Finding A quick job cleaning windows at $9 an hour was enough to help me move out of Albuquerque. Seeing the company make $600 in one day with 3 employees brought on another epiphany: “Holy Smokes! There’s good money in the window cleaning business, I’m going to start my own!” Back then the $600 seemed like a lot but I know better now with three people we make 2x to 3x that now.
I was soon able to fulfill my goal of moving back to WA State and with my family. In order to fine-tune my window cleaning skills, I worked for another company that first year with plans of breaking off on my own the following. The owner had most of the high-rise contracts in Spokane WA but it was underbid. Pricing was stuck in the 1980s at $30 per man-hour. I did take advantage of the opportunity to sharpen my skills at $10 per hour, both hanging off buildings and some residential. I worked there the entire summer and marketed my own jobs off-hours and on weekends. Winter brought layoffs but by then I had enough storefront to pay my bills and gas as well as increase my market efforts.
By Spring I had enough Monthly Residual Storefront to focus 100% on my own new business and declined the job when they called. Thus A Pane in the Glass was born!
Ten years or so passed and I was comfortable with just one employee and a modest $150 – $200K per year relying solely on word of mouth for marketing. Discovering the Internet around 2014/2014 increased my leads from a couple per month to 10 or 20 per day. Fast forward to the present, that one employee business has grown to 12 employees. A General Manager runs the day-to-day operations for Pane in the Glass while I focus on growing my marketing agency. Many people sell their business and that can be a good choice. For me, I can’t ever see selling. I’d rather pay a General Manager an attractive salary and continue to draw from the business into and through retirement. That’s part of my retirement plan!!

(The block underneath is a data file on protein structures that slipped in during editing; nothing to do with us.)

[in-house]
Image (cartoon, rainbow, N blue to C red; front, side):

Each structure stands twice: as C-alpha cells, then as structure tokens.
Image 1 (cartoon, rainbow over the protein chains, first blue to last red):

Like most companies, even after growing to a large number we’ve had our struggles. Decisions have been made that didn’t turn out so well for our company while others worked out great. Our 2019 was a tough year with a lot of changes, possibly the worst we’d had in five years. Even with Corona complications, our 2020 beat that year. Live and learn!
My advice to all: Mistakes will be made, learn from them. Be open to new ideas but don’t go all on something that someone else is doing. If mistakes aren’t made, you may be playing it too safe and won’t grow as fast as you could.